All right, we are talking about a bank, one of many banks and credit card companies that sought through the Republican-controlled legislature, that it step in and intervene with the downside of capitalism. IE, that aspect of capitalism in which a bank card holder runs up an unsustainable debt on his account, declares bankruptcy, and leaves the bank holding the bill. If capitalism was the means of punishment, then it seems to me that banks could have used the bankruptcy itself to set up red flags. Notifying other banks that this person had run up unsustainable debt on his or her account(s) and then declared bankruptcy. A flag on that individual submitted to any and all banks would have told them that such a person was a credit risk and not to do business with him/her. But the banks did not choose to do that, instead: they went to Congress and demanded that government intervene in the marketplace. Further, they treated any bankruptcies that were won as an erasing of all debt and encouraged the individual who went bankrupt to get into debt another time. Well, then I would certainly have to argue that these banks weren't thinking in capitalistic terms, but only in how much money they could get for pushing easy credit. Capitalism you see would take foresight and planning. The banks instead took the path of least resistance and ended up (as portrayed even on The Daily Show Face Book page) causing a catastrophic economic collapse. Well then, how would capitalism punish these banks if they simply abandoned the rules of capitalism?

The above link shows you what Capital One Bank did to get around consumer safety rules. Just as following the GOP passed bankruptcy reform act, they also failed to follow The Fair Credit Billing Act of 1999. Yeah, following the bankruptcy reform act, Capital One decided they could screw with the accounts through billing and payment errors, charge excessive debt to the accounts on the basis of billing and payment errors, tried to create bankruptcy conditions, would not allow the accounts to be closed, would not allow the accounts to be paid off so that the accounts would be closed... And for such predatory lending practices, they should be free, according to Paul, to continue on in these questionable and criminal practices and only capitalism should punish them. Punish how?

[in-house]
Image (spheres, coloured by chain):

Meghan's law became possible because of some truly brutal killing of a young child. The "three strikes" law became possible because of the judicial system's tendency to engage in catch and release. If you are caught for some criminal offense for the third time, then you get to go away forever. But, we should not hold banks legally accountable when they fail to follow the FCBA or the changes in credit card laws since they were passed in 2009 and implemented by 2010. Yeah, laws to hold the banks legally accountable when they fail to follow the rules of doing honest business with their customers. Instead, it is twisted into burdensome regulations that unduly interferes with the marketplace. Check out the link above, there is your undue interference with the marketplace. Yes, it is absolutely necessary to hold those who commit crimes accountable. No matter if they are waiting for you in the back alley or sitting comfortably in a corporate office.